National Geographic : 1970 Jul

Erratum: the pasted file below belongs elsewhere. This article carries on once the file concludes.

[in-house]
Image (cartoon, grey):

student who joined us when his classes let out, seemed to appreciate success in the hunt even more than the modest wage I paid. Isaac whistled constantly as we searched. From a distance I could judge his luck by his tune; the better the hunting, the livelier his whistle. Phrixothrix means "with bristling hair," referring to the tiny hairs on the beetle's body. I was delighted to learn recently that the species, a new one to the scientific world, is being named in my honor. The insects hatch from eggs laid underground and pass by far the greater part of their lives perhaps a year or longer-as larvae. Many of my specimens transformed into pupae in captivity. Males remained in the pupal stage for 25 days, and females nine to ten days, before becoming adults. In all three stages they had the ability to luminesce. Monogamous Males Take Fickle Mates The male metamorphoses into a small winged beetle (page 65). Attracted to light, it is relatively easy to collect; specimens have been captured from Argentina to as far north as Costa Rica. Of course females occur in the same range, but rarely have naturalists found them. The female spends most of her brief adulthood in an underground cell, perhaps going to the surface once to announce her readiness to mate. Never acquiring wings, the female outwardly resem bles a larva as she emerges from the pupal stage -a characteristic of all known species in the Phengodidae family of beetles. Males seem attracted to females not by lumi nous signals, as with fireflies, but by a faint scent. Males mate once; a female may mate with sev eral males. But she will lay eggs only once about three dozen pearly-white spheres, which soon turn reddish-brown (page 65). Adult male beetles emitted greenish-yellow light from the abdomen, but I could not detect the bright red of the head lamp. Mature females gave off both colors. Bioluminescence in insects, fish, and other organisms has been studied by scientists for many years.* They believe that railroad worms produce light as fireflies do, by oxidizing a chem ical called "luciferin." An enzyme, luciferase, must be present for the chemical reaction to yield a glow, just as enzymes serve as catalysts in the human body. *For an explanation of firefly luminescence, see "Torch bearers of the Twilight," by Frederick G. Vosburgh, NA TIONAL GEOGRAPHIC, May 1951. Dr. Paul A. Zahl described luminous marine organisms in "Sailing a Sea of Fire," July 1960, and light-emitting fish in "Fishing in the Whirlpool of Charybdis," November 1953. 60 Diner merges with dinner as a railroad worm (above) eats its way through a mil lipede twice its size. When confined to gether, the larvae sometimes eat each other.